Indirect Effects of Negative Body Talk on Eating, Exercise, and Expectations About Steroids in a Sample of At-Risk Adult Men

Elizabeth A. Velkoff, Robert C. Gibler, Lauren N. Forrest, April R. Smith

Research output: Contribution to journalArticlepeer-review

3 Scopus citations


Given the lean and muscular male body ideal, men's body concerns and negative body talk (i.e., fat talk and muscle talk) tend to focus on muscularity and fat. It remains to be seen how men's negative body talk and appearance concerns relate to unhealthy eating and exercise symptoms and attitudes about steroids. We recruited a sample of 85 at-risk men (Mage = 31, range 18-67, SD = 9.75), who on average reported multiple forms of problematic eating or exercise behaviors. We then used path modeling to test indirect effects of negative body talk on disordered eating, overexercise, and expectations about steroid use through muscle and fat concerns. There were significant direct effects of negative body talk on appearance concerns, and fat talk on expectations about steroids. Additionally, there were significant indirect effects of fat talk on shape and weight concerns through fat concerns, and a significant indirect effect of muscle talk on expectations about steroids through muscle concerns. Interventions reducing men's negative body talk may reduce engagement in unhealthy weight loss and muscle-gaining behaviors.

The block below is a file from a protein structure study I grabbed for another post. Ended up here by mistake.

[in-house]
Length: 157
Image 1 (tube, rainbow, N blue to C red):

Original languageEnglish (US)
JournalPsychology of Men and Masculinity
StateAccepted/In press - 2018

All Science Journal Classification (ASJC) codes

  • Gender Studies
  • Social Psychology
  • Applied Psychology
  • Life-span and Life-course Studies

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